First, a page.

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'The Handy' Man O'War Garden Chair made by H.Castle & Sons
Manufactured from teak, this is a campaign style folding garden chair with an oval brass plaque riveted to the back confirming : "THE HANDY (REG) A PORTABLE FOLDING CHAIR MADE FROM TEAK WOOD FROM OLD NAVY SHIPS BROKEN UP H.CASTLE & SONS MILLBANK SW". Shipbreakers Castle & Sons, who were the largest shipbreakers in England in the Victorian period, are still in business today. They started their shipbreaking business at the Baltic Wharf, Millbank on the Thames in 1838. The firm specialized in the breaking up of wooden warships there; Turner's famous painting entitled "The Fighting Téméraire" shows that ship being towed to Castle's yard on her final journey. It was found by Castle's that reclaimed seasoned timbers from decommissioned wooden warship and especially the oak and teak made an source of material for garden furniture. In 1887 the company furnished the grounds of Buckingham Palace for the garden party held in honour of Queen Victoria's Golden Jubilee. In addition Castle's supplied the timber that was reused for other purposes including within the store 'Liberties of London' in 1922 when material recovered from the old training ships 'Impregnable' and 'Hindostan' which were been broken up by them on the Thames was 'repurposed'!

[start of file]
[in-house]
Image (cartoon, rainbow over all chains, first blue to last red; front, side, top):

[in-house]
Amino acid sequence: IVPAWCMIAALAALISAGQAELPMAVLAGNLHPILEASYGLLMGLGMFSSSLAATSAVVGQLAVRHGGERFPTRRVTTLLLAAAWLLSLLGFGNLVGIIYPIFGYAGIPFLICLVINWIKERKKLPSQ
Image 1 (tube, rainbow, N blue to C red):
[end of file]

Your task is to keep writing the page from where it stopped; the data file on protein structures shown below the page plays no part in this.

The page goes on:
Our chair has clearly been painted at least twice during its life and traces of blue and white can be seen giving it the classic shabby chic look so popular today. The chair folds flat for storage purposes and whilst like all out stock is offered for sale as a collectable it remains in remarkably sound condition despite its age and we estimate it probably dates from c. 1910-1920. With some Castle furniture the plaque also confirmed the Naval ship from which the timbers were recovered but in this instance this is sadly not the case but Castle's records indicate a list of the famous ships from which the Men O'War teak built seats were made was extensive and included famous names such as the 'Colossus', 'Galatea', 'Albion', 'Alexandra ', 'Ajax ' 'Apollo' and 'Arethus'. We can only guess at the origins of our ships timber chair but I remains a fine early example of what we would term 'recycling' but today's trendies refer to as 'up cycling'! The chair is of modest proportions measuring 29" to top of back rest (74 cm) and a 16" (41 cm) seat height. Grab this small but beautifully formed piece of Royal Navy history whilst you can!